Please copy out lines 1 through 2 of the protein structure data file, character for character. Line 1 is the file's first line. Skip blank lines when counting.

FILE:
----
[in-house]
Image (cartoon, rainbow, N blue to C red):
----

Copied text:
[in-house]
Image (cartoon, rainbow, N blue to C red):